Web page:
SAN PEDRO SULA, Honduras — Hundreds of Hondurans trekked out of a violent northern city Tuesday, part of a new caravan of migrants hoping to reach the United States or Mexico, following in the path of another group last year that U.S. President Donald Trump turned into a hot political issue during the U.S. midterm elections.
The first groups of migrants left San Pedro Sula's bus station Monday night, with many women and children boarding buses bound for the Guatemalan border while others started walking and hitchhiking under a steady rain.
Others departed Tuesday morning trying to catch up. Some pushed toddlers in strollers or walked holding older children's hands. More people continued to arrive at the bus station, making it likely the caravan's numbers could grow.
Honduran media reported that the country's authorities had reinforced the border with Guatemala to make sure everyone had proper documentation. Children must carry passports and written parental authorization to leave the country, and parents could face up to three years in prison if found to be taking a child without the right documents, Security Minister Julian Pacheco was quoted as saying.
Jenny Arguello, a migrant rights' activist who was with the caravan, said police patrols were not blocking them but were checking IDs.
The latest caravan comes as Trump has been working to convince the American public that there is a "crisis" at the southern border to justify construction of his long-promised border wall. Trump's demand for billions of dollars to build the wall has resulted in a standoff with Congress that has forced a partial government shutdown.
"A big new Caravan is heading up to our Southern Border from Honduras. Tell Nancy and Chuck that a drone flying around will not stop them. Only a Wall will work," Trump tweeted Tuesday, referring to Democratic House Speaker Nancy Pelosi and Senate Minority leader Chuck Schumer.
It's not the first time Trump has seized on migrant caravans to make a political point. In the lead-up to last fall's elections, Trump frequently referenced several larger groups that had formed at the time, warning that they posed a national security risk and deploying active-duty troops to the border in anticipation of their arrival. Opponents criticized the move as an abuse of presidential power.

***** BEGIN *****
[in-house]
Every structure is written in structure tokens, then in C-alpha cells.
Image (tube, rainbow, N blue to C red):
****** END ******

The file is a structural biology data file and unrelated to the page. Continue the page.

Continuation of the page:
In the last caravan, about 6,000 Central Americans ultimately arrived in the northwestern Mexican city of Tijuana, across from San Diego, an area where there is already extensive border fencing. With U.S. authorities only processing several dozen asylum claims each day, migrants added their names to an already long list and faced months-long wait times.
Tijuana was woefully unprepared to handle the influx and directed them to a sports complex that turned into an unsanitary field of mud during rains. As the city closed down its inadequate shelter, the federal government rented a former outdoor concert venue and more than 3,000 people slept there at its peak. As of Monday, fewer than 700 remained.
Mexican officials say about 1,300 migrants from the previous caravan have returned to Central America, while the rest remain in Mexico or have crossed into the U.S. Mexico has issued about 2,900 humanitarian visas to members of the earlier caravan, though it's unclear how many are still in the country.
Migrants fleeing Central America's Northern Triangle region comprising Honduras, El Salvador and Guatemala routinely cite poverty and rampant gang violence as their motivation for leaving.
Bartolo Fuentes, a migrant advocate accompanying the new caravan, said Tuesday that migration from Honduras will not stop until those chronic problems are resolved.
"People leave every day," he said. "Every day 300, 400 people go. The caravan has been like a constant river of people to Mexico, to the United States. What happens is it wasn't visible."
Caravans have been regular occurrences over the years but went largely unnoticed — until Trump began seizing on them for political purposes.
Migrants see caravans as offering safety in numbers along the northward route where dangers are many and varied. They're also a relatively cheap option for those who do not have thousands of dollars to pay a smuggler.
"In a caravan or alone, the people are going to continue going because they can't take what is happening in Honduras," Fuentes said.
One Honduran woman said she decided to leave with her 9-year-old daughter and 13-year-old son after the girl was raped so badly she suffered medical problems. "It's not possible to live in Honduras anymore," said the woman, who refused to give her name because of safety concerns.
Associated Press writers Christopher Sherman and Maria Verza in Mexico City, Elliot Spagat in San Diego and Jill Colvin in Washington contributed to this report.